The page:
The former health chief also said that his resignation from the board of Unilabs is a reflection of his desire to sever his ties with business activities so he may express himself "with complete freedom" on his vision for the future of the public health system.
Ildefonso Hernández, former director general of Public Health at the Health Ministry between 2008 and 2011, feels that the underlying problem is that Spain offers no guarantees the way that NICE does in Britain.
In fact, he adds, Spain has a clear lack of transparency in all issues relating to health management. And he is not just talking about private management of public resources, but also about traditional public management. To this day, it is impossible for anyone to access something as basic as the differences between waiting lists among the regional health systems. What's more, trying to compare waiting lists between individual hospitals is a pipe dream. This is not because the data is not being compiled, but simply because it is not being released. Or at least it is not being adequately published.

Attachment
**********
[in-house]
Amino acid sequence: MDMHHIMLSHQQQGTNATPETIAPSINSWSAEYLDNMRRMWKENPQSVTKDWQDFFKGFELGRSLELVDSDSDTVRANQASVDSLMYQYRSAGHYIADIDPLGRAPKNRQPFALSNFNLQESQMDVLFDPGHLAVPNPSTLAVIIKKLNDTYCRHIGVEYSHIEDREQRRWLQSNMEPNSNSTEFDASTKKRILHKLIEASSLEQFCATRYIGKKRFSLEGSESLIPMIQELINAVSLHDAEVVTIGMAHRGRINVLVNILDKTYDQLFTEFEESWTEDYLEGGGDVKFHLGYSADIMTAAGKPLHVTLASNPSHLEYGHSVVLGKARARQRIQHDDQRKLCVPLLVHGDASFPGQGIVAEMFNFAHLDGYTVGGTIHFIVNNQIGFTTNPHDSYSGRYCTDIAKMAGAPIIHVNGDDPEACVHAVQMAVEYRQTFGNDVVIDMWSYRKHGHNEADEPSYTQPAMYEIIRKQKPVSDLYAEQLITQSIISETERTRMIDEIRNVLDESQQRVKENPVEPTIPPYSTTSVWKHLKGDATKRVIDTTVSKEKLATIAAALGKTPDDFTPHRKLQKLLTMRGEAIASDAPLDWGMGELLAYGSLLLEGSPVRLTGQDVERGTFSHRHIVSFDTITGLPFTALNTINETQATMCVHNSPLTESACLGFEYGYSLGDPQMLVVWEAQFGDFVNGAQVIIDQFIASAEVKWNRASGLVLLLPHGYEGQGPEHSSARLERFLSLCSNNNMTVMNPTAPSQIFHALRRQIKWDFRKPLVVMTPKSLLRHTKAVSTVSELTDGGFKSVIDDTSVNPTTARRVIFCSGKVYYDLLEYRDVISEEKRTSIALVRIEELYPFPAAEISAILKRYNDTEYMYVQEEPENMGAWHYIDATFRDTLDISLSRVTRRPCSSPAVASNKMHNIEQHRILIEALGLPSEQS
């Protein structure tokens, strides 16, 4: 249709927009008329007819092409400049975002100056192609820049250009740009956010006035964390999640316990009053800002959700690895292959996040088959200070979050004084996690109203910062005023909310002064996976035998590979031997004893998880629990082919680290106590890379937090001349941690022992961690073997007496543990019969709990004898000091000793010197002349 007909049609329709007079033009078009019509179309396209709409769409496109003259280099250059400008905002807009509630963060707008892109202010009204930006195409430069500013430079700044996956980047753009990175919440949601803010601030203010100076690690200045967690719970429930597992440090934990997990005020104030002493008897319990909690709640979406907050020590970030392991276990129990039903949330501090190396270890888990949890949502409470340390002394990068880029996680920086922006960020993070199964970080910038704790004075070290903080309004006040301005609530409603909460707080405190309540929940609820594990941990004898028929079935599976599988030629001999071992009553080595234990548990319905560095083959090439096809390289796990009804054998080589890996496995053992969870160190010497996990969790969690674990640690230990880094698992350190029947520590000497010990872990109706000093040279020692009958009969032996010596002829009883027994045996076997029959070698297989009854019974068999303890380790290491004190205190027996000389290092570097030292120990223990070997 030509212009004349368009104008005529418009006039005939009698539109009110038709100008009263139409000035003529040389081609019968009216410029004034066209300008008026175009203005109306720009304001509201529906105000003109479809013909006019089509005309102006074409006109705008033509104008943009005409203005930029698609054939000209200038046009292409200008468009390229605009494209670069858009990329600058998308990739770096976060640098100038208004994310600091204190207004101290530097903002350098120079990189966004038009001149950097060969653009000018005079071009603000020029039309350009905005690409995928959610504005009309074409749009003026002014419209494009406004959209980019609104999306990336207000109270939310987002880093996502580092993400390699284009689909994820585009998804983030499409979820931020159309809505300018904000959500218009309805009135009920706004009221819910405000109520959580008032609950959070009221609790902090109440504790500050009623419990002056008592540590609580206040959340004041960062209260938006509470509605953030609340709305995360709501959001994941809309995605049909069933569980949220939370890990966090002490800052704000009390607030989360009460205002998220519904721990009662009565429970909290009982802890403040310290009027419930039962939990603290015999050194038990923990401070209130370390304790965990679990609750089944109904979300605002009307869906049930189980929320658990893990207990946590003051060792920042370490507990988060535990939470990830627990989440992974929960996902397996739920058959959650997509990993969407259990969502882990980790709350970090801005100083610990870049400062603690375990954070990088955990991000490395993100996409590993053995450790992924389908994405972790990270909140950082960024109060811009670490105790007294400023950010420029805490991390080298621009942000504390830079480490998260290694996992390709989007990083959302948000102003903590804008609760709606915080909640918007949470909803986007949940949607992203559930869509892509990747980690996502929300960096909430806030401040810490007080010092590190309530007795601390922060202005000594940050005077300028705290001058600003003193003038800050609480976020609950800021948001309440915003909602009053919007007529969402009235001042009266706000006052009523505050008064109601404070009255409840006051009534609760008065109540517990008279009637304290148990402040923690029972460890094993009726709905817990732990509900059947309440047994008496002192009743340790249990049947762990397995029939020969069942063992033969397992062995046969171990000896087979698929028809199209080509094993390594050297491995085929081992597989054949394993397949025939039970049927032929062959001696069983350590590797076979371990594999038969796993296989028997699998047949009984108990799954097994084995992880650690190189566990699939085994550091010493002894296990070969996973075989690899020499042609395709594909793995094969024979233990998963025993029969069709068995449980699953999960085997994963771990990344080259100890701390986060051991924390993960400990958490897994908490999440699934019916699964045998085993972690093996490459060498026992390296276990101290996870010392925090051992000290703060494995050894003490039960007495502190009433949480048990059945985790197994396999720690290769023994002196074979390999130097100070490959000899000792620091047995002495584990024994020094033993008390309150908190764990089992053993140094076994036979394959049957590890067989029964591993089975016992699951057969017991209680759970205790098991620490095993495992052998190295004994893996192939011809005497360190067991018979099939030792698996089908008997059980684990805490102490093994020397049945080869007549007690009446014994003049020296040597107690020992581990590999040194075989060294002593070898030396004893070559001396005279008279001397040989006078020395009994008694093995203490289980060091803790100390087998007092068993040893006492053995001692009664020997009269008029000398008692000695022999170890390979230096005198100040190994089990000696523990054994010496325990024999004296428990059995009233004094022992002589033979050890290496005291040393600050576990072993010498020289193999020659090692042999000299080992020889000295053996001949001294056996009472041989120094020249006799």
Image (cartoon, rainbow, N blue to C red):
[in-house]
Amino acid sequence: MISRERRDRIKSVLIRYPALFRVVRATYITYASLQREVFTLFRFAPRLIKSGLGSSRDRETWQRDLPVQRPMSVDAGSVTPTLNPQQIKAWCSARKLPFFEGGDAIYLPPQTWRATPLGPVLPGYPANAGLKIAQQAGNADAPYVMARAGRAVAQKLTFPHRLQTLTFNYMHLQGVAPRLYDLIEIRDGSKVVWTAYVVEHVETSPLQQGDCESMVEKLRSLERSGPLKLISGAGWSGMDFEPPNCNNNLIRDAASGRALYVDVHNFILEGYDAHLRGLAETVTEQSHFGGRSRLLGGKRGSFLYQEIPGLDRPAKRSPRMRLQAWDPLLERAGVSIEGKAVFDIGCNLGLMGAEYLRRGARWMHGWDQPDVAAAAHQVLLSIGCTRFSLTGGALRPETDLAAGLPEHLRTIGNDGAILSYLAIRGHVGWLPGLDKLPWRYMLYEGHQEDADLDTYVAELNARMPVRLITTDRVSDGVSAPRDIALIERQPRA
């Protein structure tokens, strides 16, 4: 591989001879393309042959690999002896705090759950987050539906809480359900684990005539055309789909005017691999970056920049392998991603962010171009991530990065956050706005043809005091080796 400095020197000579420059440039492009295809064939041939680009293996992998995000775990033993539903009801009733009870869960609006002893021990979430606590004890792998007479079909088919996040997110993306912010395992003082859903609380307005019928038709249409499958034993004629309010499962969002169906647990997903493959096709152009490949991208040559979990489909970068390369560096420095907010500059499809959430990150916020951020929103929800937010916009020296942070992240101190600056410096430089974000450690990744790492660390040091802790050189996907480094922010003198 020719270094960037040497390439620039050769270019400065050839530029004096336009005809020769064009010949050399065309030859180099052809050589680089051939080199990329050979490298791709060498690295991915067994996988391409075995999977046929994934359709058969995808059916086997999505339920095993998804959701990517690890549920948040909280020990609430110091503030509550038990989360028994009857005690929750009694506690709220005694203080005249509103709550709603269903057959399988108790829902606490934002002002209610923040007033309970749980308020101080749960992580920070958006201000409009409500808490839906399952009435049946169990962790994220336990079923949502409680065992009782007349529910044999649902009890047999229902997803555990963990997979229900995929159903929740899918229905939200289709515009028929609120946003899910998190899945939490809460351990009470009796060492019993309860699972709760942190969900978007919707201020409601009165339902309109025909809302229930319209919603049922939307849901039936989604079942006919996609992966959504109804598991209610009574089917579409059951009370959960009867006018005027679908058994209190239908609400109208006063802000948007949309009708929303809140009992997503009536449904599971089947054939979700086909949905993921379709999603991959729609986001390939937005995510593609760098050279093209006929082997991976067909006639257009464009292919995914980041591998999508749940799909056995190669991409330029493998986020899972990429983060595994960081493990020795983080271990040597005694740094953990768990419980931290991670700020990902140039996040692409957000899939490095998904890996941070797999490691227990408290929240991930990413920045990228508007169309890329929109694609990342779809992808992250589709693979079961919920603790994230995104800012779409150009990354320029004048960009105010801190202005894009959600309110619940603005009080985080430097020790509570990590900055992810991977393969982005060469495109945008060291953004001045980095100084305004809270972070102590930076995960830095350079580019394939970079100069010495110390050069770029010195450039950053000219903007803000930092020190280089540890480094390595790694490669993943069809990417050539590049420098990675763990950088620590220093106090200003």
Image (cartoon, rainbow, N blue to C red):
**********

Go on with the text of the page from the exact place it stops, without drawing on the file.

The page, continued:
Experts note that it would take more than a monitoring agency to assess measures of the type taken by Güemes or by his successor Javier Fernández-Lasquetty, who is now in the process of privatizing the management of six hospitals and 27 health centers across the Madrid region.
Trust in health authorities is earned slowly, but it can be lost suddenly"
Hernández mentions another basic tool to add transparency to the system: ethics committees in charge of monitoring potential conflicts of interest and guaranteeing the independence of policy decisions - not just in the appointment of public officials, but also in the choice of experts or scientific societies who serve as advisors to government and who hold sway in policy decisions that affect health and the economy in significant ways.